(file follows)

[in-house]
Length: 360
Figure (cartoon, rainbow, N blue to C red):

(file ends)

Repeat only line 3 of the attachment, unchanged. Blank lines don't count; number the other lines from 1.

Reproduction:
Figure (cartoon, rainbow, N blue to C red):